It's that man again...

Pope Benedict XVI has expressed his hope that the various Christian traditions will join together and the desire for Judaism and Christianity to celebrate their 'joint spiritual heritage'.

Isn't that wonderful? Isn't it something to warm the cockles of your heart that this new Pope may not be the Rottweiler of the Vatican but has been misrepresented and is as nice and kind a man as you could hope for. He probably has a stash of Werther's Originals in his Pontifical robes to give to any cherubic children he may happen across.

No. It isn't. It is a manipulation, and a cynical manipulation at that. If you read the Nicene Creed, a creed popular in the Church of England, you will see a reference to 'one Holy, Catholic, and Apostolic Church'. Catholic doesn't necessarily mean connected to the Roman Catholic Church, but that there is ultimately only one, universal Church for everyone, no matter what disagreements there may be between us.

So what, I hear you ask?

You would be pretty surprised if the Archbishop of Canterbury, the senior cleric in the Protestant Church of England, suddenly turned around and announced to the world that actually, the Roman Catholics were right. Aside from the swinish multitudes (to coin a phrase) that follow a religion, often with great fervour and dedication, because it happens to be inextricably linked with their culture (and yes, I know that's most of them), religious communities follow a particular religion because they believe it is correct/right/whatever. The Catholics think they're right, the Protestants think they're right, the Presbyterians, well, we're not quite sure about them, but they probably think they're right.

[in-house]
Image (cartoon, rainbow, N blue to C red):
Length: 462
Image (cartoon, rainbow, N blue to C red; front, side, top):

If you're going to have a union or understanding or accomodation between the Churches, you're going to have to accept that one - admittedly powerful - group can't impose its will on the others in return for a few sops. This situation is similar to alphabet soup left groups, but the first person to compare the SBL to the Protestants is going to be, well, it'll be unpleasant.

One of the objections made, particularly by the Orthodox Churches (who see themselves as the legitimate successors to the first Pope, St Peter), to Benedict XVI is that he refers to other Churches in mother/daughter rather than sister/sister terms - that in some way the Roman Catholic Church is 'better' or 'truer'. Of course they do. But everyone thinks that about their own group. A genuinely ecumenical movement is going to have to couch itself in a very different rhetoric. In any case, the rhetoric thus far suggests conflict with other churches in the future.

This would be bad not just for abstract religious reasons but because conflict with other Christian traditions would put the Holy See on a defensive footing with others from the beginning and would allow issues such as contraception to block effective charitable co-operation between Christian groups.

Nor should Benedict XVI's extension of the hand of friendship to Jews be seen as an unqualified good. The basis for this token is a shared history. There are three religions in the Abrahamic tradition and the third is Islam. We already know that the new Pope does not want Turkey to join the EU. I hope that his political opposition is not blinding him to Islam almost as much as I hope that I hope he does not see Muslims as invaders of some sort.



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